This article presents more information on how quickly we are adding energy storage capacity in the U.S.  This development will help accelerate the exponential growth of renewable energy by making it more reliable.  The economic opportunity of this growing industry is enormous further fueling our economy. (Pun intended.)

Last night I attended an event of my alma mater, the University of Chicago (MBA ’75).  It featured cutting edge research being conducted by the school.  This was one of the panels that discussed the work to “build batteries that perform five times better than today’s best commercial batteries at one-fifth of the cost” at Argonne National Laboratory.  

U of C Energy Poster


 We are making progress and there are a great many brilliant minds working on solutions.  We will figure this out.


Analyst predicts tripling of U.S. energy storage market in 2015, hints at future utility woes

Katherine Ling, E&E reporter
Thursday, March 5, 2015

The nascent U.S. energy storage market will “pick up speed” this year, more than tripling the installments from 2014, analyst GTM Research says in a report released today.

There will be 220 megawatts installed in 2015, compared with 62 MW last year, the report says. This dwarfs the 40 percent gains seen between 2014 and 2013, which saw 44 MW of energy storage installed, says the GTM report done in collaboration with the Energy Storage Association.
The market is expected to grow even faster in the next five years as the cost of storage falls and a trend toward making cities more “energy resilient” through microgrids and pairing renewable energy with batteries continues to increase.
In the storage pipeline there are already 260 MW of energy storage projects contracted by Southern California Edison, and electric car manufacturer Tesla Motors Inc. has hinted it will move up its starting date for its battery “gigafactory” to 2016. California regulators have also mandated 1.3 gigawatts of energy storage for the grid by 2022 (E&ENews PM, Nov. 5, 2014).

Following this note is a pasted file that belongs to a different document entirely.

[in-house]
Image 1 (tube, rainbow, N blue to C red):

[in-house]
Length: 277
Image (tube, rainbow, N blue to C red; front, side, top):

In four years, GTM Research forecasts the U.S. energy storage market to reach 861 MW annually and be valued at $1.5 billion, more than 10 times its size in 2014.

Almost half of the growth in 2019 will come from storage in residential, commercial, military and industrial buildings — known as “behind the meter” deployment. It’s the pairing of behind-the-meter storage with solar panels that many experts say spells doom for the utilities’ current business model, as consumers decrease electricity and infrastructure payments.
In contrast, 90 percent of deployment in 2014 was “in front of the meter” — mainly resources owned by utilities — and 10 percent was behind-the-meter storage, the report says.
While California made a significant splash in the energy market with its storage mandate, two-thirds of the storage deployment is currently located in the Mid-Atlantic within the region of grid operator PJM Interconnection, according to the report.
Lithium-ion batteries dominate the technology deployment, making up about 70 percent of the energy storage market, the report says.
“The U.S. energy storage market is nascent but we expect it to pick up more speed this year,” Shayle Kann, senior vice president at GTM Research, said in a statement. “Attractive economics already exist across a broad array of applications, and system costs are in rapid decline. We expect some fits and starts but significant overall growth for the market in 2015.”
Twitter: @lingkate6

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